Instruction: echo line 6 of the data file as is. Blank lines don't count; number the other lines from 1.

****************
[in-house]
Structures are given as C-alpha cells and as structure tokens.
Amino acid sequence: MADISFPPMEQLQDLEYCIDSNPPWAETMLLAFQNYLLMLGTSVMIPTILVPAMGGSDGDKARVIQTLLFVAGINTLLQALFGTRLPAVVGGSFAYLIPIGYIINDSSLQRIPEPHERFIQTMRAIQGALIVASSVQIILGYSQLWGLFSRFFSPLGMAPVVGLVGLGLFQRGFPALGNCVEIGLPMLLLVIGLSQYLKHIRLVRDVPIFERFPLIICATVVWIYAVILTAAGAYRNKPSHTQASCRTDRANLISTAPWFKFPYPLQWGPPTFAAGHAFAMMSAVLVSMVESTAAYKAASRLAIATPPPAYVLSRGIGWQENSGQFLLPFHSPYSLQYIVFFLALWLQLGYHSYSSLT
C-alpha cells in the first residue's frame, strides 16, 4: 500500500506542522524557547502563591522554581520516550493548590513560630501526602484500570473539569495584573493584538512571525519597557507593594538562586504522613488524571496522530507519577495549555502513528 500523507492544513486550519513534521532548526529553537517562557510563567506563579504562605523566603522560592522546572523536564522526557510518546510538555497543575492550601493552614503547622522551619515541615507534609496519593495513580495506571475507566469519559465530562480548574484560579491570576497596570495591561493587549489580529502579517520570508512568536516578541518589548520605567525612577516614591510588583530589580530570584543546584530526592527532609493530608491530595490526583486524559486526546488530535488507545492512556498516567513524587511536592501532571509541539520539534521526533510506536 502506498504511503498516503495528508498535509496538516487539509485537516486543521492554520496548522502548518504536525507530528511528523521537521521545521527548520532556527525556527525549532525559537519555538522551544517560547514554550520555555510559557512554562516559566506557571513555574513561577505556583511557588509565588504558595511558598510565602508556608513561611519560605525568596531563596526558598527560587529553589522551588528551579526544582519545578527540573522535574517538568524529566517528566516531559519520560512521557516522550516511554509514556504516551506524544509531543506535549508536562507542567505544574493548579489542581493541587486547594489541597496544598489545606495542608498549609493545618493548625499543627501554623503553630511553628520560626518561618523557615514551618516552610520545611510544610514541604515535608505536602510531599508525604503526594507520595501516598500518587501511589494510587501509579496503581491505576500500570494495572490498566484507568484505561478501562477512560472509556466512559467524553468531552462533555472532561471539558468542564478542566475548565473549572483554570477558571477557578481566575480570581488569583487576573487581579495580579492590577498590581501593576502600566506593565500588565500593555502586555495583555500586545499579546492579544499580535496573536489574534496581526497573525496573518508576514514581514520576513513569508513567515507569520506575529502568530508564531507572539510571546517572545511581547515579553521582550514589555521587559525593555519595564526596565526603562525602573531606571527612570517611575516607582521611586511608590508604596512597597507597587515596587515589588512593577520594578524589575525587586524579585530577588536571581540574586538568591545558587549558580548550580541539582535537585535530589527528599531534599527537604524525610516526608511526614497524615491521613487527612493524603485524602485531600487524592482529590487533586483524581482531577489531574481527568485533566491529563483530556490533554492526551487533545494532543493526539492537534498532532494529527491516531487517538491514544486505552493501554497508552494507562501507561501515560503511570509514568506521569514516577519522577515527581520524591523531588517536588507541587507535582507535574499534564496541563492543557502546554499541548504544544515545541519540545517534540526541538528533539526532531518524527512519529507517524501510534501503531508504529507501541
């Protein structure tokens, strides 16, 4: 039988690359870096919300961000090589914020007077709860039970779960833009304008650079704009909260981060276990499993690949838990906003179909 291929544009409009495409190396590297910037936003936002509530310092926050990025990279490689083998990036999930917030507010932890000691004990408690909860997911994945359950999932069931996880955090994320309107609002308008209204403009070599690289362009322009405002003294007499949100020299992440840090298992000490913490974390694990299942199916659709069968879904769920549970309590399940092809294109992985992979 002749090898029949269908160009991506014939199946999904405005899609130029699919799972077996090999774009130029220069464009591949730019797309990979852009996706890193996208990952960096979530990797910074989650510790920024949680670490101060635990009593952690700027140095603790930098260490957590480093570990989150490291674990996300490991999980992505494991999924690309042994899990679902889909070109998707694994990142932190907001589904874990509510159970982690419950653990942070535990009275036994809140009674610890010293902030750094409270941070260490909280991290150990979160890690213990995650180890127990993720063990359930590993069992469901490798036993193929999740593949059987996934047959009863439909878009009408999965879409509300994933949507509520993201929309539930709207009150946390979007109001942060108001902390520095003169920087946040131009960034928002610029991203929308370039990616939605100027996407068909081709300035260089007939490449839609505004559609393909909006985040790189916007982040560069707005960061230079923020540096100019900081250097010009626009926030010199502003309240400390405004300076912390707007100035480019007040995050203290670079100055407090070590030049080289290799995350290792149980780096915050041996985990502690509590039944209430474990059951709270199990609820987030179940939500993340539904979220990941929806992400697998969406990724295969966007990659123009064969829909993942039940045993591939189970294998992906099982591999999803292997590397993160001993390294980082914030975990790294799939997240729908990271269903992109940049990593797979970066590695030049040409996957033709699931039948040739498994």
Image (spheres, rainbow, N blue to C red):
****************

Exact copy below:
Image (spheres, rainbow, N blue to C red):